14 Ways to Improve Chicago's Police Contracts

One major component of police accountability remains unaddressed — police union contracts — and it could seriously damage the efforts in other areas if left undone.

The Coalition for Police Contracts Accountability gathers in Daley Plaza on June 29, 2018.

By at least one count, the City of Chicago has spent more than $700 million settling cases of police misconduct over the last decade. Chicago has attempted to address the human and financial cost of police abuse and misconduct a number of ways, including by expanding its body camera program, by remaking the office that investigates shootings, and by agreeing to negotiations for a consent decree with the Illinois Attorney General. However, one major component remains unaddressed -- police union contracts -- and it could seriously damage the efforts in other areas if a better, more transparent contract is left undone.

The Coalition for Police Contract Accountability (CPCA), a group comprised of community, civil rights, and policy organizations - including the Better Government Association’s policy team - gathered on Friday June 29, 2018, to reiterate its call for the mayor and aldermen to end contract provisions that enable a police code of silence. Three collective bargaining agreements govern the Chicago Police Department’s relationship with over 13,000 sworn officers. All three contracts expired more than a year ago and all include limitations on transparency and protections that inhibit accountable government.

There are 14 points within the contracts most in need of change that CPCA has recommended addressing:

  1. Eliminate the requirement of a sworn affidavit for investigating civilian complaints of misconduct. A sworn affidavit is a written statement of facts that must be signed and sworn to be true before misconduct is investigated.
  2. Allow for the filing and investigation of anonymous complaints.
  3. Prevent the disclosure of a complainant’s name prior to the interrogation of an accused officer.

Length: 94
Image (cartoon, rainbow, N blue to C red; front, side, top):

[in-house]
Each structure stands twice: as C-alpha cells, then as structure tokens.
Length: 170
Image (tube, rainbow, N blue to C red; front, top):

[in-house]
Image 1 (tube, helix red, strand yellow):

4. Remove the ban on offering rewards to officers that cooperate or provide information on ongoing investigations.
  5. Eliminate the 24-hour delay on officer statements in shooting cases and create a clearly outlined process to receive statements from all officers involved in a timely manner.
  6. Eliminate officer’s right to review and amend statements previously made to investigators.
  7. Allow past disciplinary records to be used in investigating and resolving present complaints.
  8. Eliminate the provision requiring the destruction of police misconduct records.
  9. Eliminate the need for the superintendent’s authorization to investigate complaints that are five years old or older.
  10. Remove constraints on how interrogators can ask questions.
  11. Specify that the information provided to officers prior to interrogations should be a general recitation of allegations.
  12. Allow for the disclosure of the identities of officers who are the subject of civilian complaints.
  13. Require officers to disclose secondary employment and any other pertinent information that may cause a conflict of interest in performing their duties as a sworn officer.
  14. Reduce years of seniority for officers who have been repeatedly recommended for suspension because of findings of complaints filed against them.

Chicago conducts its union negotiations behind closed doors and it is increasingly likely that the police contracts will end up in arbitration -- conceivably pushing their finalization to after the 2019 election. However, Chicago residents can make sure they have their say by talking to their aldermen and demanding an update on the contract negotiation process before the spring election. While the negotiation process can and will take time, it is important to voice your concerns and make sure your representatives are committed to a police union contract that eliminates barriers to police accountability.

About the Author

Rachel L. Leven

Rachel Leven is the BGA’s policy manager focusing on Chicago and Cook County. Before joining the BGA, Leven ran communications for the City of Chicago Office of Inspector General (OIG), a nationally renowned municipal oversight agency.